Your first mortgage when you have student loans?

A recent change in your circumstances could help you qualify for an FHA loan if student loan debt has impeded your dream of owning a house.

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Federal Housing Administration has updated its guidelines for lenders on how to calculate student loan debt when calculating FHA loans. FHA loans are now available to borrowers who have student loan debt. The FHA states that more than 45% of first-time borrowers have this debt. People of color were particularly affected by the old guidelines.

This change could increase access to FHA mortgages for those in underserved areas and students with student debt. Some previously ineligible borrowers may now be eligible. People with low incomes and high debt are the ones who will benefit most, according to Catalina Kaiyoorawongs (co-founder of LoanSense, a student debt financial wellness platform).

This is what this change means to you?

  • It’s now easier to get an FHA loan

FHA mortgage lenders were required to calculate the monthly student loan payment for loans that are not in active repayment using 1% of total loan amount. This was used to reduce borrowing potential by incorporating the amount into their debt-to income (DTI).

A borrower might have $100,000 in student loans. They may also be eligible for an approved income-based repay plan (IBR), which contributes only $150 per month. The old guideline required that the FHA lender factor in $1,000 per monthly, based upon the underwriting rule at 1% of the balance.

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  • How it works

The maximum DTI for an FHA loan is typically 43% of your monthly household income. Calculate your DTI by taking your monthly debt payments and dividing that number by your gross income (before taxes).

This is an example of how an FHA borrower could be affected by the new and old guidelines.

Who can take advantage of the new FHA loan eligibility rules?

However, the market is difficult right now for anyone looking to buy a home. Bidding wars have resulted in home prices rising due to a lack of housing inventory and extremely low mortgage rates. Although the FHA loan process could be made easier for first-time buyers, it is unlikely to make a significant difference.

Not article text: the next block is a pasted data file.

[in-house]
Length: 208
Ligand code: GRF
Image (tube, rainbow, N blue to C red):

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Matthew Garland, division manager at the Garland Mortgage Group, and cohost of Rants & Gems realty podcast says that “it’ll be interesting” to see how the market changes over the next three to six month. “I believe this will continue driving a seller’s marketplace and continue to increase home prices nationwide,” says Matthew Garland, division manager with the Garland Mortgage Group and co-host of Rants & Gems real estate podcast. This means that you will still face the challenge to find a home affordable and get your offer accepted.

  • Potential Refinancers

It’s worth exploring how much you can save now if your student loan debt is what prevented you from refinancing into an FHA loan. Garland states that this program is ideal for people who are looking to refinance. We can help them qualify if they are in the income-based repayment plan. Then they will be able to refi at a lower rate.

When refinancing, you will be responsible for closing costs ranging from 3% to 66% of your mortgage balance. FHA loans come with an additional upfront mortgage insurance premium of 1.755% on top of ongoing mortgage insurance payments.

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Before deciding whether an FHA refinance is right for you, compare the refinance options available to you. It is important to ensure that the savings you make from refinancing are not outweighed by the cost of staying in your home.